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Social Media Use Is Associated with More Frequent Vaccination

Both scholars and journalists have raised concerns that social media use might push down vaccination rates by spreading misinformation about vaccines. The relationship between social media use and vaccine uptake has never been properly examined, however. In a new paper, researchers from the Annenberg Public Policy Center (APPC) find that more social media use actually correlates with more vaccination – though the reason for this relationship is different for Democrats and Republicans.

Social media use and vaccination among Democrats and Republicans: Informational and normative influences,” published this month in the journal Social Science & Medicine, examines via survey whether social media use is associated with less or more vaccination. Because social media algorithms can deliver users politically polarizing content, the research team also asked whether this relationship varies by political party.

The researchers found “a consistent positive relation between social media use and vaccination across all major party affiliations,” they report in the paper.

Stephanie L. DeMora, lead author of a paper on vaccination and social media use
Stephanie L. DeMora

“Contrary to frequent perceptions that social media misinformation drives vaccine distrust, we found that consuming health-related social media is associated with more frequent vaccination,” said lead author Stephanie DeMora, a postdoctoral fellow at APPC.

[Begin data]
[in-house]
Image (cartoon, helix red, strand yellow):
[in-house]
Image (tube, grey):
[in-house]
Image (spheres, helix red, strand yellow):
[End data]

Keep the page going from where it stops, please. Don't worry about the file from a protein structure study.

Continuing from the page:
Though this association exists across political parties, the reason for it varied. Use of social media exposed Democrats to more information about new pathogens, and that information predicted greater vaccine uptake. Use of social media led Republicans to believe that people important to them were vaccinated, and that is what predicted vaccine uptake in that group.

Both scenarios, the authors write, “underscore the positive potential for social media campaigns” – especially if those campaigns are tailored to their intended audience.

“Future public health campaigns on social media have the potential to improve health outcomes if they use strategies informed by research into how social media influence members of different groups,” DeMora said.

The APPC research team on the paper included DeMora, the Arlin M. and Neysa Adams postdoctoral fellow; Javier Granados Samayoa, the Vartan Gregorian postdoctoral fellow; and Dolores Albarracín, director of APPC’s Communication Science division.

“Social media use and vaccination among Democrats and Republicans: Informational and normative influences” was published in Social Science & Medicine on June 1, 2024. DOI: 10.1016/j.socscimed.2024.117031